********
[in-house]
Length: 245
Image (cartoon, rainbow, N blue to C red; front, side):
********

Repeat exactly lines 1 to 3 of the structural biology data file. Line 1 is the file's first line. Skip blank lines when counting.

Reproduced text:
[in-house]
Length: 245
Image (cartoon, rainbow, N blue to C red; front, side):